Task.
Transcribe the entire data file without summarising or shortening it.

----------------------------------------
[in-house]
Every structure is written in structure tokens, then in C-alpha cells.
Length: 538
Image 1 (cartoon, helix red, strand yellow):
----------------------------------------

[in-house]
Every structure is written in structure tokens, then in C-alpha cells.
Length: 538
Image 1 (cartoon, helix red, strand yellow):